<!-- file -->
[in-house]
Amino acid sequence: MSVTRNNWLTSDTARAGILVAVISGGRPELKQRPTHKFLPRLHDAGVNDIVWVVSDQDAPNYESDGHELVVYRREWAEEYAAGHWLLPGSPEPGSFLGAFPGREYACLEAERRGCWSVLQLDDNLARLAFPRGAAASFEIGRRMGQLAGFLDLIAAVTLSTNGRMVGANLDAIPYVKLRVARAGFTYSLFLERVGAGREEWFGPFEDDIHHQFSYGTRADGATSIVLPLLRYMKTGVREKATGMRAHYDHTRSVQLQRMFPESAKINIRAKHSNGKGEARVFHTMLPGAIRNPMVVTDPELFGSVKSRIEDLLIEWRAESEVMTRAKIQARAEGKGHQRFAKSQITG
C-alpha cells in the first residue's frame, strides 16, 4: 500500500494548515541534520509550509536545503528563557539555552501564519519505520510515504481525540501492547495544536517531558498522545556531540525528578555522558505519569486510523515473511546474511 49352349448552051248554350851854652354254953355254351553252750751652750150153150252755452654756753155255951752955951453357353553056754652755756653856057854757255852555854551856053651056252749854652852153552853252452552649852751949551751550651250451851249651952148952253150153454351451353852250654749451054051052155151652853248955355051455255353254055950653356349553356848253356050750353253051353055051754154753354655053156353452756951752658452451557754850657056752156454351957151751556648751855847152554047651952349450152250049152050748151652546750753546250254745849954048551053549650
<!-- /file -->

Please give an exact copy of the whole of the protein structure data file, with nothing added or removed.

[in-house]
Amino acid sequence: MSVTRNNWLTSDTARAGILVAVISGGRPELKQRPTHKFLPRLHDAGVNDIVWVVSDQDAPNYESDGHELVVYRREWAEEYAAGHWLLPGSPEPGSFLGAFPGREYACLEAERRGCWSVLQLDDNLARLAFPRGAAASFEIGRRMGQLAGFLDLIAAVTLSTNGRMVGANLDAIPYVKLRVARAGFTYSLFLERVGAGREEWFGPFEDDIHHQFSYGTRADGATSIVLPLLRYMKTGVREKATGMRAHYDHTRSVQLQRMFPESAKINIRAKHSNGKGEARVFHTMLPGAIRNPMVVTDPELFGSVKSRIEDLLIEWRAESEVMTRAKIQARAEGKGHQRFAKSQITG
C-alpha cells in the first residue's frame, strides 16, 4: 500500500494548515541534520509550509536545503528563557539555552501564519519505520510515504481525540501492547495544536517531558498522545556531540525528578555522558505519569486510523515473511546474511 49352349448552051248554350851854652354254953355254351553252750751652750150153150252755452654756753155255951752955951453357353553056754652755756653856057854757255852555854551856053651056252749854652852153552853252452552649852751949551751550651250451851249651952148952253150153454351451353852250654749451054051052155151652853248955355051455255353254055950653356349553356848253356050750353253051353055051754154753354655053156353452756951752658452451557754850657056752156454351957151751556648751855847152554047651952349450152250049152050748151652546750753546250254745849954048551053549650